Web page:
Reel Dad: The new Jurassic World is unnecessary and unexciting

Once upon a time, movie makers were satisfied when a film made money. They basked in the attention they received, the box office they collected, and they didn’t feel tempted to recreate the glory over and over again.

But times have changed. Today any film that hits a chord faces the possibility of becoming a franchise as studio heads look for fresh ways to get people to leave the comforts of the den (and the entertainment choices available at home) and go to a theater. Not since the early days of television in the 1950s, when movies went widescreen, have we observed so many attempts for audience attention.

Jurassic World: Fallen Kingdom reaches with desperation into the archive of visual gimmicks about dinosaurs to tell its predictable story. This unnecessary sequel to a ridiculous reboot had no reason to be made. There’s nothing we care to learn about the characters we can’t remember from the previous installment nor is anything new happening with the computer-generated dinosaurs. But savvy marketer Universal knows a big movie about extinct creatures can attract audiences to the big screen as well as travelers to a theme park where this film would feel at home. It makes us wait a long time for 90 seconds of excitement.

Director J. A. Bayona tries to please all the segments of the Jurassic Park audience. For those who remember the relatively simple, and still effective original, Jeff Goldblum continues to turn cynicism into a cinema staple. This time he warns the world about letting nature take its course with the conviction of a wise man who has survived many movies. For those who thought the original lacked a heartthrob, we have Chris Pratt back on the scene from the reboot as an ultimate dinosaur confidante. And for those who wondered how Bryce Dallas Howard made it through that reboot wearing such fancy shoes, we now see her wearing toned down footwear as she pursues her new mission as the leader of a save-the-dinosaurs not-for-profit. The only thing these characters do not bring to the screen is a reason to be back on screen.

Instead of a clear narrative, the new Jurassic World gives us a series of sequences, from a prologue about how recreated dinosaurs bring out the worst in everyone, to a volcano that threatens to ruin the day, to an eccentric’s palatial estate that should keep all the creatures safe. But little makes sense, and tension is absent, until the story ultimately runs out of its own steam, unable to think of any more dinosaur clichés to shove into the proceedings. The only thing this film has in common with the still-thrilling original is the name. And Jeff Goldblum.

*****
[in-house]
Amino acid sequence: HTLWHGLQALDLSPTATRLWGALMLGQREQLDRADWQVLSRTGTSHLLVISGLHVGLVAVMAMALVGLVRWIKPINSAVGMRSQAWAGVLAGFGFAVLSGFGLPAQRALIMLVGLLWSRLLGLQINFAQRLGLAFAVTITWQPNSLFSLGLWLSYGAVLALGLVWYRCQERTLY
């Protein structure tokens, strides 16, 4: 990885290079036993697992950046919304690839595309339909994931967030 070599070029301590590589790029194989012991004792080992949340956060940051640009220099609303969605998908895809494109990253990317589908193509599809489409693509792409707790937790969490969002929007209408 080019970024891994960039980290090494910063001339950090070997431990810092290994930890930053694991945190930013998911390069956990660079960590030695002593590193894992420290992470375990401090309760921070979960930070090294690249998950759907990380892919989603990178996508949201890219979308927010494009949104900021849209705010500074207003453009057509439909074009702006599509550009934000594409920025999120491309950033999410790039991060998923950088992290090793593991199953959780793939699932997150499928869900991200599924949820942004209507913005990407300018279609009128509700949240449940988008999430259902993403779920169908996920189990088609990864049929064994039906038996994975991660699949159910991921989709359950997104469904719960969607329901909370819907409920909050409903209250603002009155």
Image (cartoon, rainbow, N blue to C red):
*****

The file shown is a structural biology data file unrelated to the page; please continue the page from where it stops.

In the original Jurassic Park, the late Richard Attenborough, as the man who thought up the idea of an amusement park populated by dinosaurs, tried to work within the confines of what could be considered possible. His creatures thrilled because they took us back in time to the moment they ruled the land. If only movie makers could respect their source material as much. Then we could avoid films like this one.

Film Nutritional Value: Jurassic World: Fallen Kingdom

  • Content: Medium. By this point in the series, there’s little that could be fresh in this unnecessary sequel to an unnecessary reboot.
  • Entertainment: Medium. While the original Jurassic Park celebrated the thrills of discovery, this edition feels trapped in trying to tell too many stories.
  • Message: Medium. Because the film focuses so much on its visual experience, there is less opportunity for the characters to come to life. As if they could.
  • Relevance: Medium. Any opportunity to share a film as a family is always welcome. But the movie fails to recreate the magic of the original.